Medium bombers attacked a railway bridge over the Seine River at Maison Lafitte, and the railway centers at Beauvais and Hazebrouck. They also bombed dumps in the Forêt de Conches and at Bruz and Bagnoles. Heavy bombers attacked a number of electrical switching stations near Boulogne. Attacks were continued on flying bomb sites. According to reports so far received 20 enemy aircraft were shot down. Nineteen of our aircraft are missing. Last night light bombers attacked railway and road transport behind the battle area including the railway yards at Mézidon. Our night fighters, one of which is missing, destroyed five enemy aircraft over Northern France.

Communique Number 40 – 25 June 1944

The Allies now hold high ground overlooking Cherbourg and are gradually pressing forward into the suburbs. The enemy is resisting bitterly, but is unable to stem our steady advance. Targets in the Cherbourg area were subjected to a bombardment from seaward this afternoon by a force of Allied warships. Local attacks have improved our positions in the Eastern sector of the bridgehead after fierce fighting. Air bombardment has given invaluable aid to ground units.

Continuing the obstruction of enemy movements towards the battle zone, our fighter-bombers today attacked a series of rail targets including bridges, fuel tanks and rolling stock in the Chartres-Dreux-Mantes area and the rail crossings at Cronches and Mézidon. On the railroad between Chartres and Mantes, the tracks were severed at four points, and direct hits were registered on a tunnel. The bridge at Maisons-Lafitte and a radio installation at St Sauveur were damaged. There was an increase in enemy air activity. On one occasion a formation of German fighters gave battle, and nine were destroyed; seven of ours are missing. Four airfields in southern France, at Francazal, Blagnac, Avord and Bourges were targets for our heavy bombers. Escorting fighters destroyed locomotives, freight cars and vehicles. Medium bombers operating closer to the battle line hit fuel dumps in the Forêt d’Écouves. Coastal aircraft attacked E-Boats in the Eastern Channel early this morning.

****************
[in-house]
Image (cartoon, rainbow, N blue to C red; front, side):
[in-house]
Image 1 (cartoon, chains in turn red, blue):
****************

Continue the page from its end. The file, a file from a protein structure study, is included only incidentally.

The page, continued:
Communique Number 41 – 26 June 1944

The liberation of Cherbourg cannot be long delayed. Allied troops are fighting in the streets and by yesterday afternoon had reached the sea within a mile of the port on the East side. During a day of fierce fighting with the support of Naval bombardment, enemy strong points were reduced one by one and the town was entered at many points simultaneously. The mopping-up of other portions of the original outer defenses continues. In the Eastern sector our progress in the Fontenay area was maintained and our positions were further strengthened. Further enemy counter-attacks near Ste Honorine were beaten back.

Our Air Forces continued their attacks on the enemy’s supply system during the afternoon and evening yesterday and also gave immediate support to the land and naval forces assaulting Cherbourg. The railway network East and South of Normandy was subjected to many attacks. Targets included the railway yards at Dreux and Chartres and bridges and embankments in the same area. Air fields at Bretigny and Villacoublay were bombed and a large formation of medium bombers attacked supply dumps in the Senonches area with good results. Enemy opposition was on a limited scale yesterday though flak was intense at many points. Troop concentrations South of Caen were bombed last night.

Communique Number 42 – 26 June 1944

Street fighting continues in Cherbourg. The Germans are resisting desperately but the town is steadily being cleared. In the Northeastern tip of the peninsula little opposition has been met. To the Northwest in the Cap de la Hague area there is still some enemy strength. Progress has been made in the Fontenay sector, East of Tilly, after heavy fighting and out positions are improved. More than 20.000 prisoners have been taken in the beachhead since the landings. Dense cloud and fog over the continent today brought our air operations to a virtual standstill. Last night two enemy aircraft were destroyed by our patrols over Northern France.

Communique Number 43 – 27 June 1944

The fall of Cherbourg ends the second phase in the campaign on liberation. Twenty days after the initial assault, Allied Forces have established a firm beachhead which includes almost the whole of the Cotentin Peninsula and a major port. Cherbourg’S liberation came after a final day of fierce fighting in the Northwestern part of the city. In the battle, the enemy has lost the greater part of four Infantry Divisions, numerous naval and marine units and line of communication troops. Gen Karl Wilheim von Schlieben, commander of the Cherbourg Garrison, and KAdm Walter Hennecke, sea defense commander of Normandy, have been captured. A strong attack toward the Villers le Bocage – Caen main road has secured Cheux and Fontenay and has advanced several miles in the face of heavy German armor and infantry. Progress continues. Storms and defense clouds minimized air activity yesterday and throughout the night.